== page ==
Like so many other elements of Mexico's culture, this holiday is a mixture of Prehispanic and Christian religious ideas. In the Catholic religious calendar these are All Souls' Day and All Saints' Day and in Europe they were set aside for remembrance of departed family members.
Certain indigenous peoples, such as the Aztecs also had religious rites having to do with death and the return of spirits to this world. Many of these were bloody, demanding human sacrifice. But the victims spirits lived on and their bones were said to be like seeds of corn from which would spring renewed life. The blood, like the heavenly rains, watered the parched earth. Although all the ancient rituals have disappeared, some of their spirit threads through the ages down to the present.
Today it consists of a celebration where families of the deceased go to cemeteries and decorate the graves as well as make offerings or "Ofrendas, " to the deceased Ofrenda Decorated Graves Death in Art Casualty of Drug Cartel Violence Ofrendas are set up in peoples homes to honor the spirit of someone dear who has recently died.
It is loaded with items that the person loved in life, which can include realistically anything from food to photographs and weapons to candy. In the celebration, the graves of loved ones are spruced up and cleaned to help appease the departed. Occult figure venerated by some in Mexico
Said to be very powerful and able to grant favors
Fusion between Mesoamerican and Catholic Beliefs
Large following in Major Criminal Organizations
Cult more closely resembles practices of Voodoo and Santeria even though rites are very similar to those of Catholicism Speaking about Bodies: Cemeteries There is usually no difference in the treatment of the dead in terms of differences in gender or age.
However one can see a difference in terms of wealth and status Mausoleum Of a Wealthy Family Tomb Of A Regular Person Cemetery Walk Through Last Rights: About to Die When someone is known to be on their death bed, preparations begin
As with many Catholics, when someone is close to death there is the communion of last rights.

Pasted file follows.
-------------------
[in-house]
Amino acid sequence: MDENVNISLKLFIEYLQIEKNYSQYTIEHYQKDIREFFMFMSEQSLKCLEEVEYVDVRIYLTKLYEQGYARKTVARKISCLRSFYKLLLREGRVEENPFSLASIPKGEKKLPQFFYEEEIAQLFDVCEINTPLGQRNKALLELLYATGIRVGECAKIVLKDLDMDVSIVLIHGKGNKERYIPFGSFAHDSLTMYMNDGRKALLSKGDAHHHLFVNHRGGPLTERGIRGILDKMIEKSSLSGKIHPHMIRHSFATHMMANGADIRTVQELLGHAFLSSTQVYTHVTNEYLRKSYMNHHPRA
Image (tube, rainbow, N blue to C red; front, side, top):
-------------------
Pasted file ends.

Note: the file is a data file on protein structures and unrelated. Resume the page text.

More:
Last rights include anointing of the sick, hearing the confession of the dying, absolution, prayers, Communion and a blessing The Wake In Mexican culture a wake is a very social event, it gathers the family and acquaintances of the deceased and for the most part is a time to remember the good times.
Prayers are a key aspect as well at wakes
The most common prayer is known as the "Novena por los difuntos"
Usually it is when a Rosary is said for 9 days following the death of a loved one Family after Death:
Following the burial there is usually another gathering
or reception where the family comes together again to eat, laugh and comfort those that need it, as well as remembering the one who is now gong on to the afterlife. Works Cited "9 Day Novena for Dead People or Novena De Difuntos." 9 Day Novena for Dead People or Novena De Difuntos. N.p., n.d. Web. 26 Nov. 2012. <http://www.hispanic-culture-online.com/9-day-novena-for-dead.html>.
"Catholic Update Â©1997 - Cremation: New Options for Catholics by Fran Helner." Catholic Update Â©1997. N.p., n.d. Web. 26 Nov. 2012. <http://www.americancatholic.org/newsletters/cu/ac1097.asp>.
Cuevas De Caissie, Rebecca M. "Hispanic Traditions Funerals and Death." - Hispanic Culture. N.p., n.d. Web. 26 Nov. 2012. <http://www.bellaonline.com/articles/art40851.asp>.
"Day of the Dead Facts." Interesting Day of the Dead Facts and Other Day of the Dead Information. N.p., n.d. Web. 26 Nov. 2012. <http://www.celebrate-day-of-the-dead.com/day-of-the-dead-facts.html>.
"Days Of The Dead." PBS. PBS, n.d. Web. 26 Nov. 2012. <http://www.pbs.org/foodancestors/cult.html>.
"Death and Dying." Aztec Religion. N.p., n.d. Web. 26 Nov. 2012. <http://www.deathreference.com/A-Bi/Aztec-Religion.html>.
"The Death Cult of the Drug Lords Mexicoâs Patron Saint of Crime, Criminals, and the Dispossessed." The Death Cult of the Drug Lords Mexicoâs Patron Saint of Crime, Criminals, and the Dispossessed. N.p., n.d. Web. 26 Nov. 2012. <http://fmso.leavenworth.army.mil/documents/Santa-Muerte/santa-muerte.htm>.
"History of Mexico." Wikipedia. Wikimedia Foundation, 25 Nov. 2012. Web. 26 Nov. 2012. <http://en.wikipedia.org/wiki/History_of_Mexico>.
"Kearl's Guide to the Sociology of Death: Death Across Time AndSpace." Kearl's Guide to the Sociology of Death: Death Across Time AndSpace. N.p., n.d. Web. 26 Nov. 2012. <http://www.trinity.edu/mkearl/death-1.html>.
"Mexican American Funeral Customs." Funeralwise. N.p., n.d. Web. 26 Nov. 2012. <http://www.funeralwise.com/customs/mex_american>.
"Mexicoâs Monarchs Return for the Day of the Dead." Mexico's Monarchs Return for the Day of the Dead. N.p., n.d. Web. 26 Nov. 2012. <http://goodnature.nathab.com/mexicos-monarchs-return-for-the-day-of-the-dead/>. Final Thought Although the concept of Death is embraced in the Mexican Culture, it is important for them to say goodbye to loved ones with elaborate funerals and long periods of mourning